Often what I am interested in is those abstract properties of painting serving as meaning gateways, almost being the real image in a way. You may think about how they give an image a certain flavour and personality, in this case maybe that is more devious and treacherous than some of the others that look more innocent. And those are just the mechanics of the colour and the marks, it is something you can’t really define.
In the story of The Odyssey, Calypso traps Odysseus on an island while he is trying to get home. Or it is stated that he is trying to get home, but you don’t really know that for sure – it’s possible he may be having a good time on the island and trying to delay his return home, who knows? There is something ambiguous about it, it is not clear. The ‘surface’ story suggests he is unhappy about it, but it is not firmly established. In my painting there is something menacing about the pink, and that was a difficult thing to pull off, because that is not how one usually thinks about pink. Before the 20th century there was not even a name for pink, it was light red. It is a recent thing that pink became associated with femininity. These are things that inform that painting. I have three daughters, and ideas about what gender signifies is often at the forefront of my mind, and all of this went into the mix and created a circuit, in a way. Rather than a fixed idea, it is more like spices in a dish working together. The cocktail of things that came together earned the name Calypso, because it glued several disparate thoughts and feelings, or tensions, together in my head.
KK: Can you talk about the other three paintings a little more?
NC: The other three paintings have Homeric names too, Telemachus, Odysseus and Athena, and there is something each of them carry from The Odyssey, but also something they bring in from the outside, from the observed world. Those three have a certain staining in the background which is kind of an emanation from afar, like a landmass seen far behind them. I noticed with my swimming as the summer started to fade, the sea got colder, and the land across from where I swim started to take on different visual aspects. I make watercolours by the sea after I swim, literally 10 seconds of colour notation, and I built up a visual diary. I tried to honour those in each of these paintings. There is a second colour that tries to break through in each one of the paintings. One is a gold, one is a green, and one is like a red. They were from these notations I was making, and in the studio they started to provide other characteristics for the image – one was mature, one was more innocent and child-like, one was more of a hybrid, so that one became Athena, the Muse of Odysseus who transforms many times in the story, often into an owl.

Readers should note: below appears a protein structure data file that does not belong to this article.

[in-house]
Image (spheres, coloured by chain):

She is powerful, but also democratic. I wanted that figure to be like a female bird of prey, a female goddess, and also a hero. Not really a person, but with elements of a person like arms, shoulders, chest and neck. But also a beak, a predatory eye, and a willowy falling of water mixed in too, obscuring and erasing the forms. Tranquility and turbulence.
Those things are difficult to put together in a straightforward picture. Focusing more on line, I can move from a descriptive border of a form, then to a recessional space, to a painterly modelling and back again, between description, modelling, boundaries and spaces, without there being any ‘meat’ on the image. It gives me great freedom to chop and change between what I am talking about. I can go from saying this is the edge of a landmass, to the side of a head, to wet hair falling over an eye, to an owl’s eye socket, to a beak with blood coming out of it, to the shoulder of a woman, to the waves of the sea.
I can use a line to move between those descriptions. That is the freedom I am looking for because I am trying to capture how poetry works, in a way. How in a tiny space you can move across great distances in space and time. You can go inside someone’s head, outside it, across the world, back in time, inside a different species, different perspectives, you can move like that in a moment. That mobility and flexibility is what I want from painting. It has taken me thirty years to get to that. The last two years I feel like it is actually starting to sing the way I want it to.
KK: How does it feel to have your work in Geneva, and not be here to see it?
NC: It is actually the second time I have had a show this year that has been this way. It is starting to become more normal, and less of a surprise. I was looking forward to coming but I had some expectation that something would block that. It feels very odd to not see them together, and I was looking forward to celebrating it. This year has been very mixed, there have been terrible things, but on the local level my work has gone out into the world, so it is a contradiction. I’ve never shown in Geneva before and I have always wanted to go to Geneva. Hopefully I will come in December, so I haven’t given up hope yet.
KK: You have changed your style quite a lot in the last few years from more pictorial image-based paintings to more abstract work. Are you happy with your newer work?
NC: I really am, because it is a time of life issue as well. I am not particularly old, I am 47, so there is a certain reckoning around that age. I have established something, and I can now go anywhere, I have freedom to choose. I might not have that many more breaks like that. If I look at all the artists I like, around that age is when they started to make the work that they then did from then on. I am not saying that I want to settle on something. I went to New York when I had reached an impasse in my work. I wasn’t connecting with it. I was executing it but it didn’t feel like how I felt. The speed was wrong with my thoughts and my feelings. I felt like I had lived a lot of things, and there was more that I needed a painting to absorb. I felt like I needed to say less, and absorb more, and be more. To be more and not talk about it in the same way. I felt the pictures were working so hard to talk about all these things, but it was almost like using words. Like trying to write a novel to describe a poem. It just felt like the wrong fit for where my personality and my thinking had arrived.